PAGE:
Transgender Day of Remembrance – November 20th is recognized as the national Transgender Day of Remembrance – an opportunity for communities to come together and mark the passing of transgender or those perceived to be transgender individuals who have been murdered because of hate. Transgender Day of Remembrance provides a forum for transgender communities and allies to raise awareness of the threat of violence faced by gender variant people and the persistence of prejudice felt by the transgender community. Communities organize events and activities including town hall style “teach-ins,” photography and poetry exhibits, and candlelit vigils. These activities make anti-transgender violence visible to stakeholders like police, the media and elected officials.
The Sylvia Rivera Law Project (SRLP) works to guarantee that all people are free to self-determine their gender identity and expression, regardless of income or race, and without facing harassment, discrimination, or violence.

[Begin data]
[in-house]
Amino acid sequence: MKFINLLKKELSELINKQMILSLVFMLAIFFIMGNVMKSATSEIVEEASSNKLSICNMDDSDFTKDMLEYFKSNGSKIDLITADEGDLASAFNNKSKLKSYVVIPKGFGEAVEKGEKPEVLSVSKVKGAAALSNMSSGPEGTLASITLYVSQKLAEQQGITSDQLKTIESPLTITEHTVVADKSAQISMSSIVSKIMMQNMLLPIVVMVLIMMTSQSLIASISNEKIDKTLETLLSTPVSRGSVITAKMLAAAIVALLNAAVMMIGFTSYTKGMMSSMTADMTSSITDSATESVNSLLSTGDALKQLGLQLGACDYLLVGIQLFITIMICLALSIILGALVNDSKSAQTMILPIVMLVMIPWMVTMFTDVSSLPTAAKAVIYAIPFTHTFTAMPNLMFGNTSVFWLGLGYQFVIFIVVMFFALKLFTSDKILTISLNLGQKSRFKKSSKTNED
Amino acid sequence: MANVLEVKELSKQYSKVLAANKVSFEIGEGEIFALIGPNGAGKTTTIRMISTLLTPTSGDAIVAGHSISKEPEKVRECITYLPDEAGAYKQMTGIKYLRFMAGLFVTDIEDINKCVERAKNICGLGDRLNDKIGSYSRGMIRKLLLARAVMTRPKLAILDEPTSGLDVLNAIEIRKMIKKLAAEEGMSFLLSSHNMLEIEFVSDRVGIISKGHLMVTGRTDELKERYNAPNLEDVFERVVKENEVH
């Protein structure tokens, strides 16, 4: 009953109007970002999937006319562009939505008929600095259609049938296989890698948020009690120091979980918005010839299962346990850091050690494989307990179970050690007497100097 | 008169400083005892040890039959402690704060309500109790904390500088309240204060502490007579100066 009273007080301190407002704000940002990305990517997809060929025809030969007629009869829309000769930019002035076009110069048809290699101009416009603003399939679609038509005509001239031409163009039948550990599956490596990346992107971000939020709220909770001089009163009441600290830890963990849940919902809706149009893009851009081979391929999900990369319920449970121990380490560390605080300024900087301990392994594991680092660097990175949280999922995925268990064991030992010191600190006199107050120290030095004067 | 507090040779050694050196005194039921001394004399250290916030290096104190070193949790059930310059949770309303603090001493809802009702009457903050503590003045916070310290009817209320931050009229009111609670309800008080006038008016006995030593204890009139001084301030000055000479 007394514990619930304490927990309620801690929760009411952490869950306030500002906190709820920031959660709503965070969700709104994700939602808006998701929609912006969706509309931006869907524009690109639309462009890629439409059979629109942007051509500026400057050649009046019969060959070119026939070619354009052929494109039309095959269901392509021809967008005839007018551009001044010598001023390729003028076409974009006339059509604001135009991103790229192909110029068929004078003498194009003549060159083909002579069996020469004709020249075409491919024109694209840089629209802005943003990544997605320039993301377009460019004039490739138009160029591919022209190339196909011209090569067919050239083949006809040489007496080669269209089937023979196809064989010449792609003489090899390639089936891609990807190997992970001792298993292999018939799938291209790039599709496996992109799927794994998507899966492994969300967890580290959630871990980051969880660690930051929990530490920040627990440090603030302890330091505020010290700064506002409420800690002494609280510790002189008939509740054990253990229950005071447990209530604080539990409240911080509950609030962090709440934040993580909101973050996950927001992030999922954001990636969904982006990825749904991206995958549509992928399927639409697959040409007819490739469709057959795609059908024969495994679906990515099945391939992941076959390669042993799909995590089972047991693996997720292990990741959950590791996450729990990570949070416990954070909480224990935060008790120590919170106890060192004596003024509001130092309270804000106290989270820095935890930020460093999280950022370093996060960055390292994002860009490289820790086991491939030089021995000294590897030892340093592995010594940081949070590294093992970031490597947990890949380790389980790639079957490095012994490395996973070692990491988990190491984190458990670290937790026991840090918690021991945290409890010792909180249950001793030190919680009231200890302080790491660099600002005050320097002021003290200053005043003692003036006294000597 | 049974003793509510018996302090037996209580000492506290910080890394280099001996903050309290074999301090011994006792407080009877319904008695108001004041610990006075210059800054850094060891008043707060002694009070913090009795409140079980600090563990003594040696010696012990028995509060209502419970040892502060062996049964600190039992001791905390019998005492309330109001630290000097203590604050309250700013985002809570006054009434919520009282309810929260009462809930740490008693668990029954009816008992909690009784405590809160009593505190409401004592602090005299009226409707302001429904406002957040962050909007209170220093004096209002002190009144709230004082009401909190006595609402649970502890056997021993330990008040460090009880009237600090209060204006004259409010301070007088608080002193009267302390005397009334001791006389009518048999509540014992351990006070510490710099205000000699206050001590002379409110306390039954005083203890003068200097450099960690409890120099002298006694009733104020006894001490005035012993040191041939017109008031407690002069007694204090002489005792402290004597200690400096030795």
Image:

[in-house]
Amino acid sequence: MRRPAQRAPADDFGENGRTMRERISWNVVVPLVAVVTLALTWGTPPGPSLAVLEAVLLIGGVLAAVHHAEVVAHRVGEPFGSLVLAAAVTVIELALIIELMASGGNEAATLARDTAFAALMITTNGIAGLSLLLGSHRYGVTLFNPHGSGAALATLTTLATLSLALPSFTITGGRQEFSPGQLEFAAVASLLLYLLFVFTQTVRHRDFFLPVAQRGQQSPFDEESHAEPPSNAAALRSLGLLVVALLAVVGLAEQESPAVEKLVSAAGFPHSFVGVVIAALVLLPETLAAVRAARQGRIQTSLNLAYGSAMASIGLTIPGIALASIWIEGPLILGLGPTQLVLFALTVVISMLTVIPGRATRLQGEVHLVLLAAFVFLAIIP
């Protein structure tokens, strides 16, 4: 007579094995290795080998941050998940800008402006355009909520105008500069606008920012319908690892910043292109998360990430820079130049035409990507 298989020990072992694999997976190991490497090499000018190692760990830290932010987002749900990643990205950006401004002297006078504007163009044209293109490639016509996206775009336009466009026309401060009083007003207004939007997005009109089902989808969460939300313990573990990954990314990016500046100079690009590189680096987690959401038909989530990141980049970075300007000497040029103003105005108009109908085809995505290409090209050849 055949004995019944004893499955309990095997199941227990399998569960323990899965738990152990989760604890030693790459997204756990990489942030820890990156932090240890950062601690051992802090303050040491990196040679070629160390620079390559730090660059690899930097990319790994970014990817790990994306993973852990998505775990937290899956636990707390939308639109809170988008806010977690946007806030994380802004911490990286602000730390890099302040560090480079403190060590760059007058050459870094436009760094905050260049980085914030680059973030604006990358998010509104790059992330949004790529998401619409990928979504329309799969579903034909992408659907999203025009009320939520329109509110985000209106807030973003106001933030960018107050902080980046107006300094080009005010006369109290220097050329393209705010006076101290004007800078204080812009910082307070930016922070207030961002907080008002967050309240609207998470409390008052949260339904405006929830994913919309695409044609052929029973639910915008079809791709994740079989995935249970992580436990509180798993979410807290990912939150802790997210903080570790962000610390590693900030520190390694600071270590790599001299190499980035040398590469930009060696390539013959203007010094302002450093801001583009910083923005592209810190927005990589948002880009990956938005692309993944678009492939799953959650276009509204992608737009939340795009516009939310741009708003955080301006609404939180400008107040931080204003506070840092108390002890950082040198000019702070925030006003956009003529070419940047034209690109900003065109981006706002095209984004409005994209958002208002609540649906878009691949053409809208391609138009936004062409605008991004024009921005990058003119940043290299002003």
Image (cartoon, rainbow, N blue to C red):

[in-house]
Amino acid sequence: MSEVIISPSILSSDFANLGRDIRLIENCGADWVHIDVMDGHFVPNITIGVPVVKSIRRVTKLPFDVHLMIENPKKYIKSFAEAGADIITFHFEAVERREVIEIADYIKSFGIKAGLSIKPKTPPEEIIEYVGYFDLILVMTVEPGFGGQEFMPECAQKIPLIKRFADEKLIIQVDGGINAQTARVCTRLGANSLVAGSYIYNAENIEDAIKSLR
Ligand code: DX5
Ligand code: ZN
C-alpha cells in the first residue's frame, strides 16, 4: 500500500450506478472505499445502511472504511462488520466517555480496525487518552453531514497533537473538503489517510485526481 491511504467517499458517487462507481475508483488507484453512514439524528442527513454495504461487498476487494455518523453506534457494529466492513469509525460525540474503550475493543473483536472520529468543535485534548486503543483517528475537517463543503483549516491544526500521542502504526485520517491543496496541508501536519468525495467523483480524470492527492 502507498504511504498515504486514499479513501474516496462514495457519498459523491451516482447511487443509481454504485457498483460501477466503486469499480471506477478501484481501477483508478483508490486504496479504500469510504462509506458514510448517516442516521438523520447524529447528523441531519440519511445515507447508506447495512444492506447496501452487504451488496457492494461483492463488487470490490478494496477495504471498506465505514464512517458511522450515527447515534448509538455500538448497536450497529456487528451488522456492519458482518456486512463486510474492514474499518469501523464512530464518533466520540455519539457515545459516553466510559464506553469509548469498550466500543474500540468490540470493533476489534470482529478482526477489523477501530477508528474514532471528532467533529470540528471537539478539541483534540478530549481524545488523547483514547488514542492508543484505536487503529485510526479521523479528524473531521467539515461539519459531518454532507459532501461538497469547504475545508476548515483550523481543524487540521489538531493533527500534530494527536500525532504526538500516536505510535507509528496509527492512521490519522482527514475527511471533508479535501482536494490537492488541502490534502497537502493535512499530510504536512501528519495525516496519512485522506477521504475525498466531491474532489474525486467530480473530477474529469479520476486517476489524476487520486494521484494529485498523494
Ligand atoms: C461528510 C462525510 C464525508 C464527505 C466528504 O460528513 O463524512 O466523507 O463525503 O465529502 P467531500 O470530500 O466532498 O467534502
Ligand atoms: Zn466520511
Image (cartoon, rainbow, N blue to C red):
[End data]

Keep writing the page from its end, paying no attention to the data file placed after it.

A thoughtful manual for parents and caregivers of transgender children, written by Stephanie Brill and Racel Pepper, gender therapists.
According to the American Psychological Association, “Transgender is an umbrella term used to describe people whose gender identity (sense of themselves as male or female) or gender expression differs from that usually associated with their birth sex. Many transgender people live part-time or full-time as members of the other gender. Broadly speaking, anyone whose identity, appearance, or behavior falls outside of conventional gender norms can be described as transgender. However, not everyone whose appearance or behavior is gender-atypical will identify as a transgender person”…. Click here to Read the APA Article.